This post originally appeared on fortheloveofwineandcoffee.com
Every morning, I send my husband off to work with a packed lunch and a kiss. While my husband's at work, I spend my days making block towers, sweeping up Cheerios and continuing the absolute endless cycle of laundry. I wear a frilly apron while I cook and bake, which I love to do. I love to craft. I live in the suburbs.
And I'm a feminist.
What? You expected feminists to be a little more Pussy Riot and a little less Carol Brady? You're not alone. The overwhelming success of the Women's March put feminism back en vogue, while anti-feminists resurrected cringe worthy stereotypes that feminists are anti-family man haters. This myth is not only comically inaccurate; it perpetuates a negative stigma that hurts our cause.
The heart of feminism is truly just the radical notion that women are people deserving of equality. The dictionary definition of feminism is "the theory of the political, economic, and social equality of the sexes." Most Americans believe in equality of the sexes. At the same time, most Americans do not identify with feminism. So, it's not the principles of feminism most Americans take issue with, it's just the label.
Hurting our cause and impeding feminist progress is exactly the goal for anti-feminists, so they promote these stereotypes because it's the only card they have left to play. Think about it--they know most people believe in feminism so they can't simply chant, "Aurgh! Women aren't deserving of equal rights and men are better in every way!" So they resort to the cheap shots-- stereotyping feminists in this lame us vs. them dichotomy. Those who demean feminists are feeling threatened and are not exactly skilled in the art of factual debate.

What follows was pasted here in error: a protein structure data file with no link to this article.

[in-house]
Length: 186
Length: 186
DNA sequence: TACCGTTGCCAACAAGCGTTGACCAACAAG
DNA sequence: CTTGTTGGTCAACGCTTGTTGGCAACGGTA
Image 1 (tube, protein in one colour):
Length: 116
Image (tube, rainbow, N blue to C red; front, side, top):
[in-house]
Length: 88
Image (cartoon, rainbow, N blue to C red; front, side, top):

After the hugely successful Women's March, many women quickly sought to separate themselves from the movement as well, declaring "Not my March!" The truth is-- it doesn't have to be your march. Across the globe from our nation's capital to tiny towns to Antarctica, millions of women marched. Millions! It was the largest protest in the history of the United States. For many of us, we marched for ourselves and it felt good.
As a mother, I fit right in as a feminist at the Women's March. The values affecting my own and millions of other American families were clearly represented:
I don't believe in these principles because I'm a liberal, Democrat or feminist. I believe in these issues because I possess a certain level of common sense and human decency. I marched with my own mother surrounded by strong women whose voices demand to be heard. We're not backing down because a few knuckle-dragging Neanderthals on the Internet called us names.
The spirit of the Women's March and feminism is inclusive, compassionate, patriotic, supportive and powerful. It's not about division, attacks or hurling insults at others. We may be nasty women in terms of our anger, passion and perseverance. But we're not mean, hateful or vindictive. Don't believe a false narrative that tells you otherwise.
Feminism is not a dirty word. If you believe in the radical notion that women are people, you can sit with us. The Women's March was only the catalyst for a much bigger movement and it's just begun. History has its eyes on you and no matter who you are, it's not too late for you to join us.